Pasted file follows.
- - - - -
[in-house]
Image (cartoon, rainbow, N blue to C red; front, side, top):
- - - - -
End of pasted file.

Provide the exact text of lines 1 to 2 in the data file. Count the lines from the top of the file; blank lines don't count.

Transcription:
[in-house]
Image (cartoon, rainbow, N blue to C red; front, side, top):